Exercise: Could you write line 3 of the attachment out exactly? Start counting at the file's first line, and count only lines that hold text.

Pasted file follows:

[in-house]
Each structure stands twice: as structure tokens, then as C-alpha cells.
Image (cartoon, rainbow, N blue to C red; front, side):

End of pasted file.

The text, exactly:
Image (cartoon, rainbow, N blue to C red; front, side):